CITIZENS   FOR  LIMITED  TAXATION
and the
Citizens Economic Research Foundation

CLT UPDATE
Wednesday, December 7, 2006

Is the next "Massachusetts Miracle" upon us?
MTF gives state borrowing the green light, again


The state has to borrow an additional $600 million this month to address a short-term cash-flow shortage and meet end-of-the-year local aid payments to cities and towns, prompting warnings from the Romney administration and the state treasurer that the Commonwealth is spending at a perilous pace.

Treasurer Timothy P. Cahill and Thomas H. Trimarco, the secretary of administration and finance, sent a joint letter to lawmakers late yesterday outlining a plan to borrow the $600 million, which would be in addition to $300 million the state borrowed last month for the same purpose.

The $900 million total the state is borrowing to cover its current obligations is the highest such amount in at least six years and will cost taxpayers $12 million in borrowing costs....

News of the borrowing follows Governor Mitt Romney's decision last month to cut about $425 million in spending, which he cast as a corrective measure made necessary by overspending by the largely Democratic Legislature....

Yesterday, Romney's communications director, Eric Fehrnstrom, said short-term borrowing is a step the state takes annually, but that the high amount the Commonwealth is borrowing this year "underscores the wisdom" of Romney's spending reductions last month.

"There is a now-typical pattern of tightening in the Commonwealth's cash position in the second and third quarters of the fiscal year, but this year it has been exacerbated by the fact that the Legislature is spending at a high rate," Fehrnstrom said....

In their letter to DeLeo and Murray, Cahill and Trimarco cite as a reason for the borrowing $935 million in spending that the Legislature authorized in the prior fiscal year but that was carried forward to this fiscal year and is projected to be spent by June....

Michael Widmer of the Massachusetts Taxpayers Foundation, one of the state's leading fiscal watchdogs, said he thinks the amount of borrowing should result in a "cautionary note" but is no cause for alarm.

"It's certainly a yellow flag, and it reflects the fact that the spending increases in [fiscal year] 2007 were ... larger than they should have been," he said. "But at the same time, tax revenues are likely to cover the spending increases in 2007 when the year ends."

The Boston Globe
Tuesday, December 5, 2006
Spending by state prompts warnings
Further loan of $600m needed for year's end


Two documents released this week ought to temper the urge towards irrational exuberance exhibited by those looking forward to the new era of Democratic hegemony on Beacon Hill.

The governor-elect, Deval Patrick, continues to keep his own counsel regarding the budget. But some of those who were in his camp, along with certain members of the Legislature, seem poised to embark on a spending spree the likes of which has not been seen since William Weld took office in 1991.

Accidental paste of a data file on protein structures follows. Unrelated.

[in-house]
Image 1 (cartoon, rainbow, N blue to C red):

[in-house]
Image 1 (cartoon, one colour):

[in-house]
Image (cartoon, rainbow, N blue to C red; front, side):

But Monday the outgoing Republican administration and Democratic State Treasurer Timothy Cahill warned in an unusual joint letter to lawmakers that the amount of short-term borrowing required in order for the state to meet its obligations so far this year is reason for concern. In contrast to the $200 million the state had borrowed to this point in 2005, it's already had to go to the short-term market for $900 million in order to pay its bills through December....

It appears that in the wake of Patrick's victory, talk of an income-tax rollback has gone by the wayside. But we don't sense any appetite for a tax increase. On the other hand, there are those clamoring for the state to spend more on everything from local aid to park maintenance.

A Salem News editorial
Wednesday, December 6, 2006
Now's not time to take lid off state spending


Over-exuberant spending on Beacon Hill hasnít yet put Massachusetts on the brink of fiscal disaster, but the extraordinary level of borrowing this year to keep the government afloat should be a wake-up call.

While short-term loans in anticipation of tax collections are not unusual, the amount of borrowing this year is the biggest this decade....

Moderate economic growth in recent years has resulted in billions of dollars in revenue surpluses, but the unanticipated collections largely have evaporated in a series of "supplementary spending" sprees.

The budgetary brinksmanship continued this fiscal year. Lawmakers balanced the budget, but only by reneging on the income tax rollback and drawing deeply on "rainy-day" funds ó while overriding Gov. Mitt Romneyís efforts to rein in spending.

A Telegram & Gazette editorial
Wednesday, December 6, 2006
Cash crunch
Stateís short-term borrowing hits $900 million mark


The Telegram & Gazette
December 6, 2006
Editorial Cartoon by David Hitch


Voters in Massachusetts cities and towns have rejected two-thirds of proposed property tax overrides this year, reflecting widespread distaste for higher property taxes, according to a Globe review of state property tax records.